### Abstract

Context. Solutions of the magnetohydrostatic (MHS) equations are very important for modelling astrophysical plasmas, such as the coronae of magnetized stars. Realistic models should be three-dimensional, i.e., should not have any spatial symmetries, but finding three-dimensional solutions of the MHS equations is a formidable task. Aims. We present a general theoretical framework for calculating three-dimensional MHS solutions outside massive rigidly rotating central bodies, together with example solutions. A possible future application is to model the closed field region of the coronae of fast-rotating stars. Methods. As a first step, we present in this paper the theory and solutions for the case of a massive rigidly rotating magnetized cylinder, but the theory can easily be extended to other geometries, We assume that the solutions are stationary in the co-rotating frame of reference. To simplify the MHS equations, we use a special form for the current density, which leads to a single linear partial differential equation for a pseudo-potential U. The magnetic field can be derived from U by differentiation. The plasma density, pressure, and temperature are also part of the solution. Results. We derive the fundamental equation for the pseudo-potential both in coordinate independent form and in cylindrical coordinates. We present numerical example solutions for the case of cylindrical coordinates.

Original language | English |
---|---|

Article number | A38 |

Journal | Astronomy and Astrophysics |

Volume | 514 |

Issue number | 3 |

DOIs | |

Publication status | Published - May 7 2010 |

### Fingerprint

### Keywords

- Magnetic fields
- Magnetohydrodynamics (MHD)
- Stars: activity
- Stars: coronae
- Stars: magnetic field

### ASJC Scopus subject areas

- Astronomy and Astrophysics
- Space and Planetary Science

### Cite this

*Astronomy and Astrophysics*,

*514*(3), [A38]. https://doi.org/10.1051/0004-6361/200913723

**Three-dimensional solutions of the magnetohydrostatic equations : Rigidly rotating magnetized coronae in cylindrical geometry.** / Al-Salti, N.; Neukirch, T.; Ryan, R.

Research output: Contribution to journal › Article

*Astronomy and Astrophysics*, vol. 514, no. 3, A38. https://doi.org/10.1051/0004-6361/200913723

}

TY - JOUR

T1 - Three-dimensional solutions of the magnetohydrostatic equations

T2 - Rigidly rotating magnetized coronae in cylindrical geometry

AU - Al-Salti, N.

AU - Neukirch, T.

AU - Ryan, R.

PY - 2010/5/7

Y1 - 2010/5/7

N2 - Context. Solutions of the magnetohydrostatic (MHS) equations are very important for modelling astrophysical plasmas, such as the coronae of magnetized stars. Realistic models should be three-dimensional, i.e., should not have any spatial symmetries, but finding three-dimensional solutions of the MHS equations is a formidable task. Aims. We present a general theoretical framework for calculating three-dimensional MHS solutions outside massive rigidly rotating central bodies, together with example solutions. A possible future application is to model the closed field region of the coronae of fast-rotating stars. Methods. As a first step, we present in this paper the theory and solutions for the case of a massive rigidly rotating magnetized cylinder, but the theory can easily be extended to other geometries, We assume that the solutions are stationary in the co-rotating frame of reference. To simplify the MHS equations, we use a special form for the current density, which leads to a single linear partial differential equation for a pseudo-potential U. The magnetic field can be derived from U by differentiation. The plasma density, pressure, and temperature are also part of the solution. Results. We derive the fundamental equation for the pseudo-potential both in coordinate independent form and in cylindrical coordinates. We present numerical example solutions for the case of cylindrical coordinates.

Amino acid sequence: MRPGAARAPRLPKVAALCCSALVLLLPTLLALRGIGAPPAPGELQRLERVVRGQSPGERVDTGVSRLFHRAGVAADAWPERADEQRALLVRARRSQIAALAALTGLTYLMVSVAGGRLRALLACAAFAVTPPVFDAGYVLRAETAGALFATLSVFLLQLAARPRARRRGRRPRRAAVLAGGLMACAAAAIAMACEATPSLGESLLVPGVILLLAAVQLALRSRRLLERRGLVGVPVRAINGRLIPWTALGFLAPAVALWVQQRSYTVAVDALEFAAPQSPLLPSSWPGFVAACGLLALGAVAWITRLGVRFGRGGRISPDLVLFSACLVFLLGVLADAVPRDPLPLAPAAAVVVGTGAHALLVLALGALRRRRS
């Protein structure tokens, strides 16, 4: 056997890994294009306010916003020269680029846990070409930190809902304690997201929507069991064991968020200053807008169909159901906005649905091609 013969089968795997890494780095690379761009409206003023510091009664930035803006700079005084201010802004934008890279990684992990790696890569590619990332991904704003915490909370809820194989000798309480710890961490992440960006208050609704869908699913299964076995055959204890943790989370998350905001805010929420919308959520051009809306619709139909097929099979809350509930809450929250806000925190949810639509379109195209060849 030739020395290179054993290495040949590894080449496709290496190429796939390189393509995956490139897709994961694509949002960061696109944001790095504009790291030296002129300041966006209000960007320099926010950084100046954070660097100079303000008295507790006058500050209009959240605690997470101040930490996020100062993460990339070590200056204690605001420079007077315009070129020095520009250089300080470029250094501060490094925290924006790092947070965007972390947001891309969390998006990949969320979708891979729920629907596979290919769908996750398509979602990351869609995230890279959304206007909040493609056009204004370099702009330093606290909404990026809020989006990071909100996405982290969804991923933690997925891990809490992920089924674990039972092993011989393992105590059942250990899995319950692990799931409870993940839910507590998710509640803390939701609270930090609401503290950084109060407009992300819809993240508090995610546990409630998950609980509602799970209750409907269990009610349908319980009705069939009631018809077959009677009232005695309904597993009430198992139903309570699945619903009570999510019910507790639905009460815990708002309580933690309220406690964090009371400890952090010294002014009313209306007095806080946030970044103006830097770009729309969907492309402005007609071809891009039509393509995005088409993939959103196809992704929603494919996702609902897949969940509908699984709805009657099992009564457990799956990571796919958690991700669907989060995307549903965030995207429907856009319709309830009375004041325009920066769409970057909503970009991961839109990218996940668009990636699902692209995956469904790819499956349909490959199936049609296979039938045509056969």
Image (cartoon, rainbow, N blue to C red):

AB - Context. Solutions of the magnetohydrostatic (MHS) equations are very important for modelling astrophysical plasmas, such as the coronae of magnetized stars. Realistic models should be three-dimensional, i.e., should not have any spatial symmetries, but finding three-dimensional solutions of the MHS equations is a formidable task. Aims. We present a general theoretical framework for calculating three-dimensional MHS solutions outside massive rigidly rotating central bodies, together with example solutions. A possible future application is to model the closed field region of the coronae of fast-rotating stars. Methods. As a first step, we present in this paper the theory and solutions for the case of a massive rigidly rotating magnetized cylinder, but the theory can easily be extended to other geometries, We assume that the solutions are stationary in the co-rotating frame of reference. To simplify the MHS equations, we use a special form for the current density, which leads to a single linear partial differential equation for a pseudo-potential U. The magnetic field can be derived from U by differentiation. The plasma density, pressure, and temperature are also part of the solution. Results. We derive the fundamental equation for the pseudo-potential both in coordinate independent form and in cylindrical coordinates. We present numerical example solutions for the case of cylindrical coordinates.

KW - Magnetic fields

KW - Magnetohydrodynamics (MHD)

KW - Stars: activity

KW - Stars: coronae

KW - Stars: magnetic field

UR - http://www.scopus.com/inward/record.url?scp=77952038903&partnerID=8YFLogxK

UR - http://www.scopus.com/inward/citedby.url?scp=77952038903&partnerID=8YFLogxK

U2 - 10.1051/0004-6361/200913723

DO - 10.1051/0004-6361/200913723

M3 - Article

AN - SCOPUS:77952038903

VL - 514

JO - Astronomy and Astrophysics

JF - Astronomy and Astrophysics

SN - 0004-6361

IS - 3

M1 - A38

ER -